The Battle to be King of Martinsville: Johnson, Hamlin, and Gordon

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The Battle to be King of Martinsville: Johnson, Hamlin, and Gordon
Jerry Markland/Getty Images

After Denny Hamlin won the Goody’s Fast Pain Relief 500, he proclaimed that Martinville was his track.

 

“Whose house is this?” He asked on the radio.

 

“It’s Denny Hamlin’s house.” His spotter answered.

 

So, with that said, I have to ask the question: Is Denny Hamlin the new king of Martinsville?

 

To consider the possibility of Denny Hamlin being the king of Martinsville, you need to compare him to the past two kings: Jeff Gordon and Jimmie Johnson.

 

Coming in to 2010 race, Gordon has 34 starts at Martinsville and had completed 99.3 percent of the races he’d run there, leading in 16.5 percent of those laps. Johnson’s completion of laps in his 16 previous starts also is 93 percent, yet he’s led 19.4 percent of his laps.

 

In contrast, Hamlin has completed 95.7 percent of his laps and led 16.3 percent of the time. In the end, Hamlin looks to be more consistent in completing laps, yet has led a smaller percentage of the laps.

 

In racing, though, it doesn’t matter how much you lead so long as you're leading in the final lap. A better indication of how the drivers have fared would rely more on their average finishes, wins, top fives, and top 10s.

 

Gordon’s average at Martinsville, including today’s race, is now 6.9, while Johnson’s is 5.3, and Hamlin’s is 6.6. Give round one to Johnson, with Hamlin in second, and Gordon third.

 

Gordon has won in seven of his 35 starts, which is 20 percent of the races he’s run, while Johnson has won six of his 17 starts, which is 35 percent. Hamlin lies in the middle, as he’s won in three of his 10 starts, which is 30 percent. Give round two to Johnson again, with Hamlin in second, and Gordon in third.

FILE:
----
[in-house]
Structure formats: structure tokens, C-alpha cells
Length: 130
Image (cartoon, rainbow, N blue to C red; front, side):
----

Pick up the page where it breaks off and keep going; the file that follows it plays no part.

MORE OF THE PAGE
Gordon has 23 top fives in 35 starts, which is 66 percent of the races he’s run, while Johnson has 12 top fives in 17 starts, which is 71 percent. Hamlin has seven top fives, which is 70 percent of the races he’s run. Once again, give the round to Johnson, yet Hamlin comes in a close second, with Gordon third.

 

Gordon has 29 top 10s in 35 starts, which is  82.9 percent of the races he’s run, while Johnson has 16 out of 17 tarts, which is 94 percent of the race he’s run. Hamlin has nine top 10s, which is 90 percent of the races he’s run. As before, give the round to Johnson with Hamlin second and Gordon third.

 

So, with that said, it looks like Johnson reins as the new king, with Hamlin as the prince, and Gordon following close behind.

 

To further examine this, take a look at Johnson and Hamlin’s finishes in the past seven races at Martinsville.

 

Johnson’s finishes in the last seven races are first, first, fourth, first, first, second, and ninth, which equals to four wins, six top fives, and seven top 10s.

 

Hamlin’s finishes in the last seven races are third, sixth, first, fifth, second, first, and first, which equals to three wins, six top fives, and seven top 10s.

 

In comparing those seven races, Johnson leads in wins, yet they tie in top fives and top 10s, so Hamlin has been right there with Johnson.

 

For the time being, the king of Martinsville still has to be Johnson because of those stats, despite the fact that he didn’t run as good as he normally does today.

 

However, Hamlin certainly has the potential to take Johnson’s spot at the top as he has been getting closer and closer to that goal as the years have gone on.

 

Whatever way you look at it, and whoever you may call king, both should reign at the top of your picks, because in the past eight races the winner has been either Johnson or Hamlin.

 

The last driver to win that wasn’t either? Tony Stewart, in the spring of 2006.

 

Thanks to Racing-Reference.info for the statistics

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